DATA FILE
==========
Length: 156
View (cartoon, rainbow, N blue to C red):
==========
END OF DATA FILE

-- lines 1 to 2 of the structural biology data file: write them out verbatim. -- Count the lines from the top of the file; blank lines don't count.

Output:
Length: 156
View (cartoon, rainbow, N blue to C red):